6m 28s
    7. Lights and glows
      7m 16s
    8. Smoke and flames
      9m 31s
  7. 33s
    1. Goodbye

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Relighting the dome
Video Duration: 5m 59s3h 10m Beginner Nov 07, 2013

Viewers: in countries Watching now:

Relighting the dome provides you with in-depth training on 3D + Animation. Taught by David Mattingly as part of the Digital Matte Painting Essentials 4: Texturing

View Course Description

A crucial step in building a realistic digital matte painting is texturing your scene. This course shows you how to add light, color, and texture to a basic form using photographic references and the tools in Adobe Photoshop. Author David Mattingly starts the lessons where Digital Matte Painting Essentials 3 left off—with a fully shaded 3D form—but you can also jump straight into this installment to learn more about texturing. Start now to learn how to add crenellations, color correct your form, distort and relight photographic textures, and add glows and special effects that make your painting convincing.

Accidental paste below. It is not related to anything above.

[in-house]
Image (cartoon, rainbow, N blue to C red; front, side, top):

Topics include:
  • Preparing your form study for texturing
  • Adding dark and light side textures
  • Making rounded textures with the Warp tool
  • Creating photographic crenellations
  • Using Levels and Curves for color correction
  • Adding photographic elements
  • Relighting details
  • Adding glows, smoke, and flames
3D + Animation Design
David Mattingly

Relighting the dome

Right now our dome is flatly lit, with no real direction of light evident. But the castle in our scene is lit from the right. So we need to relight it. I want to show three different ways to do that. The first is using the lasso tool to select areas, and then the curves tool to lighten or darken them. Set the lasso tool to a wide feather, say 15 pixels, and lasso off the dark side. You'll want a smaller feather for doing the top of the dome, so set that to five pixels and then marquee that off.

Open the Curves. Pull down on the white point to darken the dark side without increasing the contrast too much, invert the selection, set the feather back to 15. And you might want to remove just a sliver from the light side so that there's a little more room for the core. Open up Curves again and pull up on the middle of the curve to lighten the light side. Then, select a sliver of the dome where the light and dark meet.